Whether you want to purchase a home with an FHA loan, conventional mortgage or VA loan, there are a few measures to take before the process starts.
Lending regulations are stricter now than they were in the past. For example, some lenders will only approve a mortgage application if a borrower has a 20 percent down payment even if they have an excellent credit score and solid income. This is because many mortgage insurers won’t back loans unless borrowers front this cash and reduce the risk involved.
In fact, in the wake of the housing market collapse, mortgage insurers flagged markets in an estimated 9,600 zip codes spanning 34 states, saying they would not insure certain types of home loans in these areas.
However, in an effort to curb these issues, a number of industry professionals recently traveled to Washington, D.C., to lobby members of Congress on potential changes that could benefit the housing market. This includes the Home Construction Lending Regulatory Improvement Act, which would make it easier for home builders to obtain lines of credit.
As it currently is, these experts claim strict standards are hurting the recovery by restricting access to credit for both builders and buyers. This affects home buying and home building activity, as many of these borrowers would have qualified in the past. However, until these changes occur, it’s important to be prepared before submitting your loan application.
“Buying a home is the single largest investment that most people will make in their lifetime,” says American Bankers Association president and CEO Frank Keating. “An honest evaluation of your finances and thorough planning for a mortgage are essential to making a wise buying decision.”
Start collecting your financial documents
A thorough review of your finances will make it easier for lenders to determine your financial standing. It can also give you an idea of how much of a mortgage you can afford. With this in mind, you can start to find homes in your price range.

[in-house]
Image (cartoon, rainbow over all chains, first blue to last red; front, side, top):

There are a number of costs that go into buying a home, but you should also account for other financial obligations you already have. These include:
• Car payments
• Credit card debt
• Living expenses
• Student loans
Aim to keep all of these expenses plus your potential mortgage costs to less than 40 percent of your monthly income. Additional documents a lender will likely ask to see include:
• Tax records
• Bank statements
• Pay stubs
Your credit history is very important to the home buying process. This information gives lenders an idea of how well you manage debt. This number can help determine to mortgage rate you receive and the down payment you have to pay.
Examine your credit
To monitor your credit, pull a copy of your report from the major credit bureaus: Equifax, Experian and TransUnion. Federal law allows you to get one free copy from each company every year. Check this document for any incorrect markings that could unfairly lower your score. If you find any, act quickly to clear up the issue.
Think about closing costs
If you use a VA loan, you might be able to include the closing costs into the balance of the mortgage. However, this isn’t always guaranteed. These costs can vary depending on the price of a home and the lender you choose. According to ABA, lenders are required to give you an estimate of how much your closing costs could be. This is called a Good-Faith Estimate. With this information, you can determine approximately how much money you need to set aside to complete your purchase.
By staying up-to-date on a fluctuating housing market, you’ll be able to make informed decisions when it comes to refinancing your home loan or qualifying for a mortgage. Using a home mortgage rate calculator provided by Freedom Mortgage to determine your best course of action could keep some extra cash in your pockets every month.
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